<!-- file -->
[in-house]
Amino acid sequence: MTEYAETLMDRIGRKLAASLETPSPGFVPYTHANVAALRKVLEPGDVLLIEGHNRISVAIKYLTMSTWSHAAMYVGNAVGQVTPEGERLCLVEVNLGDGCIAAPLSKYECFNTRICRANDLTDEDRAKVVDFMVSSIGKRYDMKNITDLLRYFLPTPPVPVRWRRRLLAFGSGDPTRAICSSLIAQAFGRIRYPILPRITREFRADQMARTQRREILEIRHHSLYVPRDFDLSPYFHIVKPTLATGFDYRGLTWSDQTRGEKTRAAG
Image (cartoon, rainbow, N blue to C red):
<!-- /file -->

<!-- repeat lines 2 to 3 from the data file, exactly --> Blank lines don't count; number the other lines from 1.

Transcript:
Amino acid sequence: MTEYAETLMDRIGRKLAASLETPSPGFVPYTHANVAALRKVLEPGDVLLIEGHNRISVAIKYLTMSTWSHAAMYVGNAVGQVTPEGERLCLVEVNLGDGCIAAPLSKYECFNTRICRANDLTDEDRAKVVDFMVSSIGKRYDMKNITDLLRYFLPTPPVPVRWRRRLLAFGSGDPTRAICSSLIAQAFGRIRYPILPRITREFRADQMARTQRREILEIRHHSLYVPRDFDLSPYFHIVKPTLATGFDYRGLTWSDQTRGEKTRAAG
Image (cartoon, rainbow, N blue to C red):